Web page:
The development of a state-of-the-art radiation therapy centre for cancer treatment in Griffith is still on track despite the hurdles brought about by the COVID-19 pandemic.
The $20 million project was announced by Cancer Care chairman Tony Noun in February and will see a brand new radiotherapy centre built at the Griffith Medical Specialist Centre.
The centre will mean Griffith and other MIA residents will no longer need to travel to Wagga or beyond for the popular treatment.
Mr Noun aimed to have the centre up and running by 2022 and he has clarified this is still the ambition despite the "numerous challenges" raised by the pandemic.
"Although this year we have and continue to face numerous challenges as a nation and most recently as a state due to the COVID pandemic ... we expect the centre to be open and treating patients during the latter part of the second half of 2022," Mr Noun said.
The project has completed the documentation, consent and approval phases and work is now beginning on planning the construction of the centre and purchasing equipment.
Griffith CanAssist president Olga Forner, who pushed for the centre to be built in Griffith for years, said she was glad to hear work was progressing as planned.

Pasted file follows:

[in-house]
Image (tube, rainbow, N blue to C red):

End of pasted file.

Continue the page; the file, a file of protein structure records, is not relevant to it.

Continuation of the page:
"It's really heartwarming to know that progress was happening," Mrs Forner said.
"We understand that there would be teething problems along the way but it appears everything is being handled very smoothly and Griffith will be a very grateful town to see the radiation centre up and running."
Mrs Forner regularly works with cancer patients who travel to Wagga for radiotherapy treatment and said many "can't wait" for it to be available a little bit closer to home.
"It's so close and patients are really wanting to be some of the first in so they can avoid going to Wagga but they understand it's a process," she said.
"Because of COVID at the moment people are a little bit more uneasy about going to another town and the sooner we can get the centre here in Griffith the better."
The update was also welcomed by the Griffith Breast Cancer Support Group's Moreen Corner who said news on the clinic had slowed since the announcement.
"It's all been very quiet so we're really pleased to hear it's all going ahead because it's going to be really helpful for people in Griffith and the outreaching areas," Mrs Corner said.
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